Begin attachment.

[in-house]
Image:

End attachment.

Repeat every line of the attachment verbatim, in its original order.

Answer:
[in-house]
Image: